Tips To Avoid Eating All That Candy After Purim
Honestly, Purim is only one day. So, even with all the joy, the hype, and the planning, 24 hours later Purim is over, with hopefully some meaning taken from the day that we can internalize going forward.
Food-wise, Purim is only one day as well. Which means that it can be easy to be mindful throughout that one day, make sure to eat good meals, and make it through Purim feeling energized. Conversely, if you feel you blew it -- nu, its only one day.
The day after Purim, however, is the beginning of a new era that’s decidedly longer than one day. Between the post-Purim cleanup, getting house, kids, and schedule back together -- and did we mention the food that is just everywhere?? In addition, however long your to-do list was pre-Purim, it probably cannot compare to that pre-Pesach to-do list.
To clearly delineate the post-Purim lifestyle that can affect the way we nourish our bodies:
1) High availability of cake, chocolate, candy etc. (despite all those supply chain issues)
2) Low availability of time and headspace
Both of these can be universal issues, not specific to only the days after Purim. Feel free to generalize any useful tip you find in today’s column.
Let’s address each issue:
1) Too Much Junk Food Around
Reduce, Reuse, and Recycle! Throughout the day of Purim, and the day after, make it a priority to organize all that food coming in to your home. If it is important to you to make healthy choices, and you feel that having certain foods in the house is counterproductive towards that goal, practice stimulus control. (Notice I did not make a blanket statement here.) That can mean making sure food is not sitting on your counter, but rather in a box in the pantry. It can mean totally removing certain foods from your house either by giving them away or disposing of them. Whatever your preferred method, get it done ASAP!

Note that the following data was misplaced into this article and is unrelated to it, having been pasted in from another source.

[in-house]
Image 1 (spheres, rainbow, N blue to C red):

2) Limited Time to Sit Down for a Meal
Set aside a weekly half hour for the brainspace aspect of eating well so that the rest of the week can proceed on autopilot. (Incidentally, I think this is one reason that seeing a dietitian can be so effective.) Troubleshoot. What will be challenging for me due to time or headspace constraints? Is it availability of food, time to prep, time to eat? Think, “What is the smallest effort I can take that will make the biggest difference?”
Here are some ideas:
- Write a list of easy, wholesome foods you enjoy
- Stock up on frozen and canned produce
- Write a menu of dinners or lunches each Motzaei Shabbat for the week
- While preparing for Shabbat, meal prep extra veggies or salads for the week
- Take food along when you're on the go to prevent true hunger from kicking in
- Make sure to eat an early dinner
- Wait three hours between meals
- Keep a water bottle on your desk at work, home, or school
As you see, the options are endless -- but, incredibly, each small change can make a really big difference towards your goal.
Here’s to a beautiful Purim, post-Purim, erev Pesach, and beyond!